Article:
Polyphenols are a large family of naturally occurring plant components that have been associated with a wide variety of health benefits. Flavonoids and some anti-oxidants belong to the polyphenol family and have been shown to have heart-healthy and anti-cancer effects, for example.
The polyphenols the Penn State team studied were hydroxycinnamic acids, which have been associated with reduced risk of chronic diseases or for optimal health.
Dr. Devin Peterson, assistant professor of food science and director of the study, says, "Our research has shown that polyphenols are key to aroma and flavor formation in oats during the Maillard reaction which is the browning process that occurs when foods are roasted or baked. Polyphenols have not been identified as major flavor producers before or associated with the Maillard reaction." Peterson presented his results today at the national meeting of the American Chemical Society in Washington, D. C. His paper is, "Effects of Phenolic Content on the Generation of Maillard-type Aroma Compounds in Toasted Oat Groats". His co-authors are Stacy L. Schwambach, master's student, and Vandana A. Totlani, doctoral student.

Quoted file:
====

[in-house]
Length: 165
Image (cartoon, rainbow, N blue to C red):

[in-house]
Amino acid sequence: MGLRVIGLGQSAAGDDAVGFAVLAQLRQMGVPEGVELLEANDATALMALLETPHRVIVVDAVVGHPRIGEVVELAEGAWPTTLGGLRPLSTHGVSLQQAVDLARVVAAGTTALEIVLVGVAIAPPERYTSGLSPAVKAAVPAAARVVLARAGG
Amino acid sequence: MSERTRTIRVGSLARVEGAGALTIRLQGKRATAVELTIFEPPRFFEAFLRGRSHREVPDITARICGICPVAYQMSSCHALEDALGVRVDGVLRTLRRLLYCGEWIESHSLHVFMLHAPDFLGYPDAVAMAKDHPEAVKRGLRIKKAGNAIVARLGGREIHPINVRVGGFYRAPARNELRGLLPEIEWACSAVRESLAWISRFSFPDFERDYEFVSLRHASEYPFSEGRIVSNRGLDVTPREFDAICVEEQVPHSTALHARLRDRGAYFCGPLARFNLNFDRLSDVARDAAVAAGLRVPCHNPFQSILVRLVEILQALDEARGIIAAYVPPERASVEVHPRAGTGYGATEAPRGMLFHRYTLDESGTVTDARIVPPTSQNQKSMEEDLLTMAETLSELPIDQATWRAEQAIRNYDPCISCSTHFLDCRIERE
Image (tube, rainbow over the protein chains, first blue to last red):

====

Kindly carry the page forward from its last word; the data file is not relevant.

In their experiments, Peterson and his research group took a batch of rolled oats and divided it into two samples. They boosted the level of polyphenols in one of the samples by an amount that can be found in nature and then roasted both samples. The sample that had the added polyphenols developed a lower level of Maillard-type aroma compounds as measured by gas chromatography and a panel of trained human sniffers.
The Penn State group's analyses show that the polyphenols inhibit the Maillard reaction by tying up or quenching some of the su